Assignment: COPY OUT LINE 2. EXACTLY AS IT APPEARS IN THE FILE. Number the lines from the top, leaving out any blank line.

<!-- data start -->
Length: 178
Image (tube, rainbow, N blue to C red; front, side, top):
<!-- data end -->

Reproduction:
Image (tube, rainbow, N blue to C red; front, side, top):